Item 24: Avoid using @_ directlyunless you have to.
Unlike many programming languages, Perl has no built-in support for named or "formal" parameters. The arguments to a subroutine are always passed in via the argument list variable @_ . It is up to the author of the subroutine to give the arguments names and check them for consistency. In general, you should always start off a subroutine by copying its arguments and giving them names . The preferred method is to use my :
This subroutine will remove digits from a string.
The idiomatic way to read arguments passed to a subroutine is to use shift to get them one at a time or a list assignment to read them all:
This subroutine counts different types of chars in a string.
Usage: char_count $str, $chars1, $chars2, ...
Another reason to copy and name subroutine arguments is that the elements of @_ are actually aliases for the values that were passed in. Modifying an element of @_ modifies the corresponding subroutine argumenta sort of " call by reference" semantics. Subroutines can modify their arguments, but attempts to do so can fail if the arguments are read-only:
If we try to call this subroutine as txt_file_size "test" , it fails with an error message as it tries to modify the read-only value "test" . Also, if we call it with a modifiable argument, say txt_file_size $myfile , it may append '.txt' to the argument, which is likely not what we want.
But sometimes this aliasing "feature" turns out to be genuinely useful. For example:
This subroutine will normalize some values "in place."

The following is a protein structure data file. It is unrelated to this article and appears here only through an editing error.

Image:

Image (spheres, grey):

If you are trying to optimize for speed, it may be faster for you to use @_ without copying it, because copying values takes a significant amount of time. If you do so, remember that array subscripting tends to be slow, so try to use constructs like foreach , grep , and map that allow you to iterate over an array without having to subscript its elements repeatedly. The best approach, of course, would be to write two or more different versions and Benchmark them (see Item 37).
Even though subroutine arguments are passed as aliases, any array arguments is flattened into a list. You can modify the elements of an array argument, but not the array itself:
Throw out the "bad" elementNOT!
When we run this program, we get:
% tryme in no_bad: ok better fine great good after no_bad: ok better fine great bad good
Finally, on a slightly different topic, subroutines that are called with no arguments usually have an empty @_ of their own. However, if a subroutine is called with an ampersand and no parentheses, it inherits the current @_ :